How the Trade War With China is Making Your Mortgage Cheaper
The ongoing trade war is playing out in a number of markets, including real estate
Recently there has been an overwhelming amount of news regarding China. Last week, there was a trade meeting surrounded by fanfare, then there were the tweets from the president announcing more tariffs. The U.S. markets plunged 2% in one day and bonds gained. What is going on? Why will your mortgage get cheaper? Will tariffs end up tanking real estate and the economy?
What Is Really Going On With the Trade War
The United States and China are at a disagreement regarding various trade issues from intellectual property to currency manipulation to state sponsored companies to tech security. All these issues are real and have been brewing for the last 20 years. It is unlikely all or even many of these issues will be resolved anytime soon. As a result, President Trump has put in place tariffs to “encourage” China to negotiate in good faith as Chinese exports to the U.S. are much larger than what China buys from the U.S.
What Will Likely Happen With the Tariffs?
There is fear in the market that the tariffs will have a significant downward impact on the U.S. economy as prices of many consumer products will increase by 25%. For example, if you were buying a flat screen TV that cost $100 that TV would now cost $125. This would quite a shock to the consumer and both economies, but the reality is radically different.
China Will Take Various Steps to Ensure the Impact is Muted
For example, with the whole trade war, the dollar is naturally drifting higher while the Yuan has fallen. This makes foreign goods less expensive (more buying power for each dollar). China has begun to “nudge” their currency down to mitigate some of the exposure of the tariffs. China, through currency changes, could likely eliminate half the burden of the tariffs easily. Furthermore, China will provide support to various companies to help further the impact. Long and short, the true impact to the consumer will be 5% to 10%, if that, and many U.S. companies could absorb some of the increase, so the true impact will be even less.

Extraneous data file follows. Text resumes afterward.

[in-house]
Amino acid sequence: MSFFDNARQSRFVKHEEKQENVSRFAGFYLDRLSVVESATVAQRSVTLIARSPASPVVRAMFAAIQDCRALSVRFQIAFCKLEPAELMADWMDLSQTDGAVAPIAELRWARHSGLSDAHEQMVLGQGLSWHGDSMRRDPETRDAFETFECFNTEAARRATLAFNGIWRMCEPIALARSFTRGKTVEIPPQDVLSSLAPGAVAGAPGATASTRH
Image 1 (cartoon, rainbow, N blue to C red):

The Good News: Trade War Making Your Mortgage Cheaper
All the talk of the trade war has made the federal reserve very nervous. There is a fear that the trade war could be the “tipping point” to the next recession. As a result, the federal reserve has chosen to “hedge” and lower interest rates to keep the current expansion going a bit longer. Along with the lowering by the federal reserve, there has been a flight to quality, aka treasuries, as the bond market braces for a more “recessionary” environments. This has pushed 10-year yields to the lowest level since 2016 and subsequently mortgage rates to all time lows for the year. The swift decline in mortgage rates has helped soften the slowing real estate market as consumers purchasing power has increased.
The Wild Card: Consumer and Business Confidence
Regardless of the actual outcome of the trade war or any of the other economic news, how consumers and businesses perceive the future will be the key to the economy.
Currently, consumer confidence has held up well as spending has continued to increase. Unfortunately, the coast is not clear as consumers are a “lagging indicator” meaning that consumers will pull back after the economy starts to change. On the other hand, business spending/confidence is a leading indicator, meaning that they will typically pull back earlier in the economic cycle. Businesses have started to get worried in this cycle as “CEO’s remain moderately pessimistic” according to the US Conference Board, a think tank that surveys member companies. Eventually, the lack of business confidence will filter through the economy with a slowdown of hiring, purchases and more.
What Does all This Mean for Real Estate
Real estate is running on borrowed time. Business confidence is showing signs of cracking with continual pessimistic views of the economy. Eventually, this pessimism will flow through to the rest of the market causing consumers to pull back. Consumers are already telegraphing an upcoming change in confidence as real estate purchases and prices have started pulling back in many of the more expensive markets.
Although the headlines keep focusing on the trade war, the real impact is how all this news plays out through consumer and business confidence. Businesses are showing clear signs of pessimism which will ultimately translate into a pullback for consumers. The question is how much and when. Confidence, or lack thereof, as opposed to the trade war will drive the direction of real estate.